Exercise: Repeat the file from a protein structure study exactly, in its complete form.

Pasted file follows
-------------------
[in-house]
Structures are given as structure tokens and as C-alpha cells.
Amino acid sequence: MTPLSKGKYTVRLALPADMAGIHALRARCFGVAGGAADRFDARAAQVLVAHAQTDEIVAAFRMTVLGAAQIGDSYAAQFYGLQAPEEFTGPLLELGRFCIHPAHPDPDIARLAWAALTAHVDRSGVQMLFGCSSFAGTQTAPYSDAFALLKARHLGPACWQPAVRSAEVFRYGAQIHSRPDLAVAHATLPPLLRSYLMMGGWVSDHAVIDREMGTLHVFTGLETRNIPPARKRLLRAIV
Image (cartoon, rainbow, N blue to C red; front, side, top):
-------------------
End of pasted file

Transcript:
[in-house]
Structures are given as structure tokens and as C-alpha cells.
Amino acid sequence: MTPLSKGKYTVRLALPADMAGIHALRARCFGVAGGAADRFDARAAQVLVAHAQTDEIVAAFRMTVLGAAQIGDSYAAQFYGLQAPEEFTGPLLELGRFCIHPAHPDPDIARLAWAALTAHVDRSGVQMLFGCSSFAGTQTAPYSDAFALLKARHLGPACWQPAVRSAEVFRYGAQIHSRPDLAVAHATLPPLLRSYLMMGGWVSDHAVIDREMGTLHVFTGLETRNIPPARKRLLRAIV
Image (cartoon, rainbow, N blue to C red; front, side, top):